DETROIT — The Detroit Pistons have featured one of the most iconic voices in professional sports behind the microphone as their public address announcer for the past two decades, and to this day, he remains as humble as ever despite his stardom.

John Mason continues his work as the voice of the Pistons in Little Caesars Arena, a role that he made famous in their former home in The Palace of Auburn Hills. One of the most iconic phrases in the lexicon of Motor City sports today is Mason's colorful "Deeeeee-troit basketball" exclamation. And if you can believe it, it was nearly over as soon as it began had it not been for ESPN.

"This is when the Ben Wallace and Chauncey Billups-led Pistons were stopping everything and holding teams to 88, 89 points in a game," Mason explained. "ESPN at the time believed that was boring basketball, and would say they're about to switch coverage to a different game. I thought to myself, 'Say something!' And you're not allowed to say anything unless it's a foul or a shot."

"But I knew I had to say something before the broadcast left Detroit, so I took a negative call, which at the time was "Airball!" I flipped it into "Deeeeee-troit basketball" and used the same tune as the airplane-seatbelt warning that we all know.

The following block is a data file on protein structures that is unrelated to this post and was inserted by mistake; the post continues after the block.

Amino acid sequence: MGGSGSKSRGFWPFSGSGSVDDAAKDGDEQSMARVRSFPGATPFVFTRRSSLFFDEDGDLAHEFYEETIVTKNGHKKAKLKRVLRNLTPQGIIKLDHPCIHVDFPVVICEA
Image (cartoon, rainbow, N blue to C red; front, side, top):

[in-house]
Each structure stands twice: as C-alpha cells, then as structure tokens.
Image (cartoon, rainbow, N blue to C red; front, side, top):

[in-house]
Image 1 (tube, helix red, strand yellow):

"So that's why I did it, and the Pistons were not happy that I did that. They were going to meet with me when the team returned from Indiana, except a fan had a sign that eventually made it on SportsCenter, and it turned out to be the No. 2 on the show's top-10 countdown. They scratched the meeting and told me to say it whenever I wanted."

Mason may have seen himself as the voice of an NBA franchise during his early years when he developed a knack for speaking into the microphone, although it was certainly an unassuming beginning.

"The fun of it is that I used to fool around with it at Burger King," he said. "In the old days, Burger King used to have microphones when you ordered the food, so I could pretend I was doing it then. That was fun as a teenager.

"But the only thing I knew was what you saw on television, and in most cases it sounded like they (PA announcers) were mumbling. I didn't have that deep arena-style voice, so everything I did had to be fun and finessed."

Mason, who has also carved out a niche in his career as a radio host, lent his voice to NBA 2K22 and 2K23 video games, something that he viewed as an incredible experience that helped reach new legions of fans who may not have been as familiar with his work.

"It was unbelievable to be part of NBA 2K, and I've done 2K22 and 23, and it's an unbelievable experience. They used to use my voice way back when, so I had a chance to ask them why they didn't just ask me. They said it was different then, but they auditioned 400 people to get that voice likeness, I thought that was fascinating. NBA 2K was just a ball for me."

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